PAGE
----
The simplest case is linear growth or decline. This would apply to my savings account if I save a fixed sum every month and no interest payments are received. Or in my water storage, when I take out the same amount of water every day. This is easily checked when I plot the money in my account, the water storage volume, or the number of people infected, recovered or killed by the virus, as a function of time. The above graph is an example of one such plot.

Is there linear growth of the virus? If yes, this would be a straight line on the graph. The data in the graph are for three categories: blue represents recoveries, yellow represents people under treatment, red represents deaths. The sum total is the number of reported cases. Linear growth would mean a fixed number of additional cases for every day.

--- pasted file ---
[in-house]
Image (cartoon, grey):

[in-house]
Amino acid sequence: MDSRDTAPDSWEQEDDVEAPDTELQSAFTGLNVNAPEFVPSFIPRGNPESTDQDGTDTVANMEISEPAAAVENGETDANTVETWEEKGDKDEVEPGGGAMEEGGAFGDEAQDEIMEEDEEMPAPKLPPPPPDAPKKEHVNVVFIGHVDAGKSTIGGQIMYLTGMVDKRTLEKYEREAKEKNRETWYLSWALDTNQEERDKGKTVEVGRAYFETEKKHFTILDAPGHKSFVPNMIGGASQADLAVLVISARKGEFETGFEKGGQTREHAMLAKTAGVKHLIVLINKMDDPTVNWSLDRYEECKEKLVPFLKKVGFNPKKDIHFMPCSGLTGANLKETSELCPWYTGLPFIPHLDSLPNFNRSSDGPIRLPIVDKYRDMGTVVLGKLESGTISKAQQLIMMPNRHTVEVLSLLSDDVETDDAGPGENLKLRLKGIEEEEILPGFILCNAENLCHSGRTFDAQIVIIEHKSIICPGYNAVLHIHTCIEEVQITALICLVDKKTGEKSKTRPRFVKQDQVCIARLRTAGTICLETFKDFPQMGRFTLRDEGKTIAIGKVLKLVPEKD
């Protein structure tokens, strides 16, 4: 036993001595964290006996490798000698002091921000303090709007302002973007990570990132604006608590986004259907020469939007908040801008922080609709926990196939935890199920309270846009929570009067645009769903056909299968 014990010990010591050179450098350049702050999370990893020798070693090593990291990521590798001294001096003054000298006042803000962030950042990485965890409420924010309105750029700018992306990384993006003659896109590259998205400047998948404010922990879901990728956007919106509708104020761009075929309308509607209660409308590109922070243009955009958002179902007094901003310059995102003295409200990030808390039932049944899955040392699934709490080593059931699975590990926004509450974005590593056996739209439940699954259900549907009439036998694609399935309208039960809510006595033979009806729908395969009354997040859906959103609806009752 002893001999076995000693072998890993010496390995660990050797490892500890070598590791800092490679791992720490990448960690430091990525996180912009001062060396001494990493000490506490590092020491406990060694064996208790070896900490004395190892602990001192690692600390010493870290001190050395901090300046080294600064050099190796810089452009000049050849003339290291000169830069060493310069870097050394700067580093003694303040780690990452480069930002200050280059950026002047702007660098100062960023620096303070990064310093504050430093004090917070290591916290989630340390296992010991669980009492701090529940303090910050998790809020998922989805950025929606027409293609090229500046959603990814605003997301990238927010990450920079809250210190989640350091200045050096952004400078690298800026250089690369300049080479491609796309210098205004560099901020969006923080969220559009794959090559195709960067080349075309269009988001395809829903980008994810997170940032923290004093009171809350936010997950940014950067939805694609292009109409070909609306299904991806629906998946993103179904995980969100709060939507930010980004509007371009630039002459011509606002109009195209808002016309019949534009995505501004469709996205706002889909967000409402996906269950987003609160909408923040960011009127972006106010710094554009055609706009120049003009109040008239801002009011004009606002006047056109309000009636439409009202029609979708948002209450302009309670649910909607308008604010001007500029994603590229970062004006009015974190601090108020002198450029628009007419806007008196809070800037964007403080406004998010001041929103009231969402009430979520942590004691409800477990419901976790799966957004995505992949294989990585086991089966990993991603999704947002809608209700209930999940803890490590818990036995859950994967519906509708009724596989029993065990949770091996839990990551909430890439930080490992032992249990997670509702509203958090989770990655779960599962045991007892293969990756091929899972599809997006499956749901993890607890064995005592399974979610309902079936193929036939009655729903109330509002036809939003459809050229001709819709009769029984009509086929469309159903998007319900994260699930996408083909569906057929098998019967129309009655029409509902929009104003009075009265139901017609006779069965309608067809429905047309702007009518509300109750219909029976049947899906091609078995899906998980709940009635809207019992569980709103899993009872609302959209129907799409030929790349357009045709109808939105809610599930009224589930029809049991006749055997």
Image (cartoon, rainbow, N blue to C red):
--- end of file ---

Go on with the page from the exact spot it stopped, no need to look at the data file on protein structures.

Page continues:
The graph shows that total number of cases initially grew faster than linear. Then it started to slow down about February 10th. Since mid-February it has resembled linear growth, with a slower rate than in January. Eventually we like to see no more growth.

The rate of new confirmed infections is shown as white circles. This rate rose quickly in January, well beyond linear growth. The rate peaked around February 6th and then declined. By March 1st the rate is constant. That means the total number of cases is back to a slow linear growth. That is actually good news. Eventually the rate of growth will be zero - the victory over the virus is reached. We are on the way with this in China.

Within the data for all cases we see a low growth of deaths (red) which looks almost linear and a fast-growing number of recoveries (blue), which continues to grow steadily. It appears that recently the number of new recoveries is almost constant. That is great. There is hope that at some point within the next month of March 2020 all cases are either recovered, while unfortunately a small fraction has died. So, what is the death rate?